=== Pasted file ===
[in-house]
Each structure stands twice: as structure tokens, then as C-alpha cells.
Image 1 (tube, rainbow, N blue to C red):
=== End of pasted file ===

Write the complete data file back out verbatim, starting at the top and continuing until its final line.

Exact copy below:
[in-house]
Each structure stands twice: as structure tokens, then as C-alpha cells.
Image 1 (tube, rainbow, N blue to C red):